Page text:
Spanish horses tend to be more compact, often with a shorter neck and back, which can make it harder for them to find the length in their bodies to stretch. I find they tend to be lighter in contact as a result of not wanting to stretch and follow the bit. Having said that, it is extremely important for any horse—regardless of breed or age—to be able to stretch forward and down. There are physical and training-related reasons for it.
As an Amazon Associate, Dressage Today may earn an affiliate commission when you buy through links on our site. Products links are selected by Dressage Today editors.
Physical: As athletes, horses need to have a physically balanced body in order to stay healthy and have longevity in the sport. If a horse is ridden only in a collected frame, he is always using the same muscle groups. To get stronger and to avoid fatigue-related injuries, a horse’s body needs to use all muscle groups. A horse who is ridden in the same frame will lose his suppleness, elasticity and adjustability. He will not develop a connection from front to back, swing or relaxation through his body.
Young horses benefit from stretching as it can often make hard movements easier. For example, when I teach a younger horse the canter pirouette, I encourage him to lower his neck a bit. This makes it easier for him to step forward with his hind legs.
Training: A dressage horse must seek out the bit and follow the rider’s hand. This encourages him to stretch, use his back, have a longer stride and connect his hind end to his front end. If a horse only wants to be in a collected frame and doesn’t want to stretch, it’s a sign that he has a connection issue that needs to be addressed in order for his training to progress. A horse who holds himself and does not seek out the bit is not using his back or accepting the bit, but hiding from it. This usually results in the horse having a shorter, often choppy stride and being short in the neck or behind the vertical.
When training a horse, you need to be able to take his neck as low as you’d like and bring it up again when you want—with the horse following your hand at all times. With a younger horse, you might want to ride him in a more collected frame for five to 10 minutes and then ride him in a lower frame. The key is mixing it up and keeping the frame correct for the horse’s age and level of training while also considering his conformation.
Each horse is an individual. Some stretch better at the end of the work, while others stretch easily at any given time. When I’m working with a horse who does not want to seek out the bit, I consider his preferences so I can set him up for success. With some horses, getting them to stretch is all I work on until they begin to accept the bit. Other horses stretch better at the trot, some at the canter. I find it easier to stretch a horse at the end of a training session. You have to find out what works best for your horse. It is important, however, that horses learn to stretch at all three gaits.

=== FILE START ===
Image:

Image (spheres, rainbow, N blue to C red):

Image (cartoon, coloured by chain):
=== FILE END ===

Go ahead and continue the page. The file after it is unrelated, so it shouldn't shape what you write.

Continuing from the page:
Serpentines are a great exercise to encourage your horse to stretch as they are very conducive to getting the horse to go from your inside leg to your outside rein. A horse who likes to break at the poll doesn’t give you a lot to work with. For instance, if I have both reins at the same time and I want to stretch the horse, such as when riding in a straight line, often the horse will simply go deeper. But having a bit of extra value on the outside rein in a turn, while my inside rein invites him forward and down, is helpful. Connecting the horse to the outside rein like this develops a little bit of pressure on the reins, a baby step toward stretching forward.
When riding a four-loop serpentine, for example, I leg yield out on a loop portion, sending my horse forward and sideways from my inside leg toward the outside rein. In the leg yield, I don’t really use my weight a lot, but stabilize the horse by staying in the center. I do, however, make sure that I keep a straight line from my hands toward the bit. As the horse stretches, his head might come a bit lower. Now I need to lower my hands. As a result, I might also have to widen my hands, or the straight line from hand to bit will be broken, which will invite the horse to curl.
Since your horse stretches when walking him on the buckle, I recommend that you start there and work toward riding an extended walk, with the horse’s poll being at the height of his withers. Pick up the reins gradually. Make them only as short as your horse allows without curling his neck. Because you can use the outside rein more easily in turns, as in the previously mentioned example, bending lines such as circles are particularly helpful to encourage your horse to stretch. As in the exercise outlined, utilize the inside-leg-to-outside-rein principle when walking on circles or bending lines. Ride a lot of extended walk. Walk your horse out, invite him to march and accept the contact with a following hand. Watch the rhythm. Eventually, try to take his neck lower and lower. Don’t drop the reins, but always keep them at a point where you feel your horse does not yet shy away from the contact and curl, and work him toward stretching from there. As your horse relaxes through the poll, you can generally send him more forward and out.
Praise your horse when he offers the tiniest bit of stretch toward the contact. It is the only way he can differentiate between good and bad. The horse has to understand what you are asking him to do.
Kristina Harrison won a Pan American Games team gold medal in 2003. She competed the PRE stallion, Rociero XV, who was the first PRE to be invited to participate in the U.S. Olympic Dressage Team selection trials. She operates Angele Farms in California.